When teenager Kylian Mbappe netted France's fourth goal in the World.Cup final, thoughts turned to the possibility that the French could go on to emulate the dominant Brazilian teams led by their great striker Pele.
The 19-year-old Mbappe became only the second teenager after Pele to score in a World.Cup final as a talent-laden French side overcame resilient Croatia 4-2 to win the sport's top prize for the second time, 20 years after their first triumph.
While there are growing comparisons between Mbappe and Pele, the Parisian still has a long way to go to even come close to matching the achievements of the great Brazilian.
Alongside Antoine Griezmann, voted man of the match in Sunday's final in Moscow, in attack, with Paul Pogba in the midfield engine room and the powerful Samuel Umtiti and Raphael Varane in defence, France have a firm foundation to build on.
Their World.Cup squad had an average age of just over 26 and they have an abundance of world-class players but the way the team negotiated the tournament with intelligence and fortitude gives even greater cause for optimism for the future.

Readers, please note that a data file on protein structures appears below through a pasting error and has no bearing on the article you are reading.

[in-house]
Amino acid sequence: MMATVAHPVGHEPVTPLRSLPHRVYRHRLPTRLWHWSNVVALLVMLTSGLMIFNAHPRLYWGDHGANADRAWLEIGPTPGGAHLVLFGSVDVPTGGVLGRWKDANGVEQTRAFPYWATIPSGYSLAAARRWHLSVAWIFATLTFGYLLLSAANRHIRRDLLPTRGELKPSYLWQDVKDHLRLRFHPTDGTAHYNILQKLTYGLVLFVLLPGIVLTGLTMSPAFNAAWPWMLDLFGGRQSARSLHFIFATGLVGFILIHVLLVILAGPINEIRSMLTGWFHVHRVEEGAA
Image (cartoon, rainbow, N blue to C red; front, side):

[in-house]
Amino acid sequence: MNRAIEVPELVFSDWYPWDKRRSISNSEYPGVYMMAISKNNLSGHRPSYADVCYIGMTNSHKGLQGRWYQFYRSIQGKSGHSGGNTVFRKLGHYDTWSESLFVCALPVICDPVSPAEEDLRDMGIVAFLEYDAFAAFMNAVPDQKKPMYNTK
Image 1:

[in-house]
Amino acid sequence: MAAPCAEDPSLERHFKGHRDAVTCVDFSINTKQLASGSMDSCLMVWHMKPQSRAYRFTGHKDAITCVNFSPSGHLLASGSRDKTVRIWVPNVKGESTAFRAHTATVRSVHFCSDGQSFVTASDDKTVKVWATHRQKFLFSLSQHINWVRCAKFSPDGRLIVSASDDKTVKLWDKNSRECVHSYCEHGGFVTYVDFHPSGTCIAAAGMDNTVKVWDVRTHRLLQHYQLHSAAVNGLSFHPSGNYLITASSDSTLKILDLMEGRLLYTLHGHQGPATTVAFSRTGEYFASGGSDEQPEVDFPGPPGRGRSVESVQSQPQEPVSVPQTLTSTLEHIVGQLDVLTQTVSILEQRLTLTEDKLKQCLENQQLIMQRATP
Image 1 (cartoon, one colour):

France were efficient, calculating, clever and in command in most of their matches without showing a huge amount of entertaining flair.
In all seven games they played in Russia they had an average of 48 percent possession, doing the hard work off the ball.
Tactically they were able to adapt throughout the tournament and show flexibility -- the hallmark of a successful squad.
Their chances of continuing on a winning path are also increased by the fact coach Didier Deschamps, very popular with his players, is staying in the job for at least two more years.
He has a contract until the end of the 2020 European Championship but with such enormous potential to build on he will surely be tempted to extend his reign.
With such qualities, there is legitimate cause to believe there will be more glory-filled days for French football.
(This story has not been edited by Devdiscourse staff and is auto-generated from a syndicated feed.)